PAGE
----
There we were on Monday at the hospital, no baby, no real idea what was going on. No clue if everything was alright. Talk about nerve racking. Stressful, traumatic, worrisome, tense, hectic, upsetting, painful were just some of the words to describe what was racing through the Rach and I at this time. I don’t remember Monday. Not one bit. I’m not sure what we did. I think I went home to get some things, I don’t know. I think Rach and I cried and questioned why this was happening. I had never had strong religious faith, but now what little faith I had was completely gone, replaced by anger. Anger that a supposed God would allow this to happen. Was I being punished?* Monday went by and I’m sure we probably received a call from the Children’s Hospital, I just cannot remember. It is a painful memory, one that has been blocked.
*To this day, I still feel this way. One of my issues not solved by weight loss. One that I need to confront, but I am just not ready to forgive yet. The thought, still makes me very angry. Something that I hope will start healing by telling this story.
I do know that Tuesday, Rachel was discharged from the hospital and we made the trip over to Children’s Mercy to see Bella. The hospital is very colorful and very welcoming as it should be as it is allegedly one of the best children’s hospitals in the nation. It is a very large hospital and we parked on level three of the underground parking garage. The yellow submarine level. I thought it was strange to name a parking level after a Beatles song about drugs, well maybe it’s about drugs, I guess that’s not a proven fact, but still. The hospital is huge and it took what seemed like a lifetime to get through the security station, through the foyer, down a long hall, down another long hall, up the elevator to level three (where the NICU was), and then to check in with the NICU desk, and then to scrub and sanitize our hands, and then finally to enter the actual NICU, easily the saddest place on Earth.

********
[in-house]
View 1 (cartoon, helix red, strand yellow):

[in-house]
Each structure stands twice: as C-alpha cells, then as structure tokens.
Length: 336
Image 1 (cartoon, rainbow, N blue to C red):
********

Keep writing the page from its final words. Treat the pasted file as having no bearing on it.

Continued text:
The NICU (Neonatal Intensive Care Unit) is where babies who are born with complications are kept. A lot of times they are kept in incubators because they are too small and most of the time there are machines hooked up to them with tubes and wires. Just an awful and saddening sight to behold. We finally made it to Bella’s spot on the floor. She looked ok, except for the band aids and the IV that they had inserted into her head. Maybe a little yellow from jaundice, but other than she was aware and looking around and we got to hold her and feed her and everything. Just like everything was ok.
We met with the Hemonc Doctor (Hemonc is short for Hematology-Oncology) and my first question was why oncology, did Bella have cancer? Dr. Neville assured us that no she did not have cancer, but that her blood was not clotting due to a lack in fibrinogen production. Fibrinogen is a protein found in our blood that is one the steps in the clotting process. Bella either 1) was not making it or 2) what she was making was defective. But at this time that was not concern number one. Remember when I told you that the second the Doctor who delivered Bella used a vacuum extraction, that our lives changed forever? When she used the vacuum to get Bella out, she caused trauma to the brain. Normally this would not do damage as the trauma would clot and be fine. But with Bella’s condition with her fibrinogen, the bleed continued and caused severe damage. Bella had brain damage. Any hope that we had disappeared instantly, replaced by even more fear and in my case anger.